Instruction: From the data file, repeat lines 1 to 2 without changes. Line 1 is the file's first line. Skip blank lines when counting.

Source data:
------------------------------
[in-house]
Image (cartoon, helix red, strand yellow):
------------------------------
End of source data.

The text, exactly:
[in-house]
Image (cartoon, helix red, strand yellow):